- Date : 19/03/2020
- Read: 7 mins
The wedding is over, you’re back from the honeymoon, and it’s time to settle into your new life. To get it right, here are some financial considerations you should keep in mind
Tied the knot recently? Congratulations! This beautiful milestone in life will ensure that you take on the future with someone by your side at all times. The planning leading up to your wedding would no doubt have been hectic, but now it’s time for you and your partner to settle into a new routine.
While you do that, here’s an important financial checklist you must go through to ensure that you both are a ‘power couple’ when it comes to money matters. A solid financial foundation and collaborative financial planning is the best way to start this new chapter of your life.
While it may not seem too critical right now, here’s a statistic that might be an eye-opener: research shows that 70% of couples fight and argue about money more than anything else. This means money tends to be more problematic for couples than any other issue.
But then, there’s the 30% who have clearly managed to figure things out. Well, so can you and your partner! Do the following to ensure that you’re on the favourable side of this statistic.
1. Start talking about money
Before anything else, start talking about money with intent and honesty. After the honeymoon, you and your partner might have an idea of each other’s spending habits, money management, and incomes. However, it’s important to sit down together and discuss these things in detail with the numbers on hand, and decide how you’re going to manage money as a married couple.
2. Consolidate assets and liabilities
Once you’re both on the same page and prepared to start planning financially together, put down your monthly income, spends, and savings individually as you would have been doing before marriage. This should include investments such as mutual funds, property, fixed deposits, gold, etc. Make sure you include any debit you or your partner may have, such as education loan, credit card bills, etc.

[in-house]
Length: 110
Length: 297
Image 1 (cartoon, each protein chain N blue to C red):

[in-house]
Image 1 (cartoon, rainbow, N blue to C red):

Once all this is done, it would be a good time to talk about how you want to tackle spending and saving as a couple. This is a deeply personal choice and no matter which way you go, the only thing you have to make sure is that both parties are happy with it and neither feels resentful. You can decide to contribute a percentage of each of your salaries (say 30%) for household expenses. Do the same for investments and debt payments. The percentage approach works best since your salaries may not be the same, and neither partner should feel burdened.
3. Manage spendings together
An important thing to consider is how you want to manage bank accounts. Joint bank accounts have quite a few advantages, as do individual accounts. You can opt for both, but be clear how you’re going to allocate the money, and which accounts you’re going to use for what payments.
For instance, each partner can put in a monthly contribution for household expenses, investments, EMIs, etc. in the joint account and use that to make payments for the same. Your individual bank accounts can be for your personal expenses. This will provide a sense of independence and control for both, which will go a long way in ensuring a healthy relationship.
4. Make a budget together
Making a budget together and reviewing it periodically will ensure that you act upon all the conversations you have about money. When you do this, you should also expect surprises and not indulge in blame games. There are bound to be times when either of you make an unplanned purchase. That’s just how life is. As long as there’s no judgement or blame, both of you will feel encouraged to talk honestly about these hiccups instead of trying to hide them.
Research shows that when couples fight about money, 21% do so because of deceit and lying, while 11% do so because they feel excluded from financial decisions. It’s therefore important to be clear about what your non-negotiable spends are, so you don’t feel the need to lie. This way, you can both find a way to make space for such discretionary expenses in your budget.